Wednesday, May 02, 2007
Festive Pineapple Ham
A few years back when I was still single I decided Christmases were better spent with friends. My inaugural Christmas trip away from family was to Cairns to visit an old school friend Peisha. She was actually my first flatmate too, and was very instrumental in teaching me how to be a high stepping Eastern Suburbanite.
I had lost track of Peisha years previously. She had gone off to live in Italy, I’d had a stint in Hong Kong, and it wasn’t until 2002 when I was organising my high school reunion that I finally located her whereabouts. She’d been in Cairns for several years, and while she couldn’t make it to the reunion, we did catch up for lunch and then dinner when she was in transit to and from Italy. At dinner I quite unceremoniously invited myself to Christmas at Peisha’s. It was really rude, when I think about it.
Luckily for me, Peisha was a very welcoming host. She owned a fantastic big old Queenslander which was a complete two bedroom house upstairs and a whole second three bedroom house downstairs. I’d never been to Cairns before, so when I stepped off the plane and out of the airport, I was shocked to discover the heat was intensely overwhelming and the humidity was as thick as a blanket. I tied my long hair up immediately and never wore it down again for the whole visit.
At Peisha’s she offered me the choice of two rooms – a nicely redecorated one upstairs with a fan, or the student room downstairs with air conditioning. I took the one with the air conditioning and was every so pleased later – whenever the heat got too much, I’d retreat to my room and lie spreadeagle on the bed while I recouperated.
It was two days until Christmas so we set about planning a festive feast and headed off to the supermarket to collect all the ingredients. I decided to do my traditional apricot and pine nut stuffed turkey , and Peisha had already bought a leg of ham. Her mum had come down from Ravenshoe and her plan was to glaze the ham with a pineapple glaze that was a favourite with her family (a long line of fabulous cooks). I got up early one Christmas eve and fired up the oven to roast the turkey. The problem was the day was already stinking hot, and turning the oven on just made it worse! Peisha dragged the pedestal fan into the kitchen and pointed it at me, but I continued to perspire until I thought I was going to melt into the kitchen floor.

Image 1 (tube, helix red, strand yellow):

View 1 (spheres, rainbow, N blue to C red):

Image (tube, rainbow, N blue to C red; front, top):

By the end of the day I had sweated so much on my top lip, little sweat pimples had formed. I popped them all but continued to perspire profusely, which then made the open pores sting like all get out. The turkey had to be roasted for three hours, and man did it smell good but the heat generated by the oven was oppressive. No sooner had we taken the turkey out of the oven, Peisha’s ham had to go in. And it was a beauty! Peisha and her mum had decorated it with cloves, and of course it glistened with the delicious pineapple glaze.
That Christmas in Cairns was quite literally the hottest I’ve ever experienced. It even beat the Penrith heat! But it was a brilliant visit – wild mangoes, cane toads, sea plane rides, snorkelling on the reef, fresh water crocs and indigenous dancing were all memorable features. But the greatest thing about that holiday was hanging out with Peisha. In the years when she was missing, I always looked for her – on the streets of Sydney, in buses, on trains… when ever I caught a glimpse of a Eurasian girl with long dark hair, I checked to see if it was her. So it was brilliant to find Peisha again.
1 leg of ham
1 jar pineapple jam
1/2 cup dry sherry
1 inch piece of fresh ginger, grated
200g glaze cherries
Handful of whole cloves
1. Pre heat the oven to 180 degrees celcius
2. Peel the skin off the leg of ham to expose the thick layer of fat underneath and place in a baking tray lined with baking paper. Score the fat in a criss-cross pattern.
3. Place the pineapple jam, sherry and ginger in a jug and mix. If the glaze seems a little thick, add some water a tablespoon at a time to thin it out. You want it to be pouring consistency.
4. Position half a glace cherry in the middle of each diamond scored into the ham’s fat. Fix it in place with a whole clove.
5. Once the ham is covered with cherries, brush the pineapple glaze on with a pastry brush, ensuring the entire fat area is fully coated.
6. Place the ham in the oven and cook for approximately one hour. Remember – ham is a cured meat, so you’re not actually cooking it here – you’re heating it through and infusing it with the tastes and aromas from the glaze and decorations.
7. Remove the ham from the oven and allow to stand. You can prepare the ham the day before it’s required if you like, and reheat it once it’s been sliced.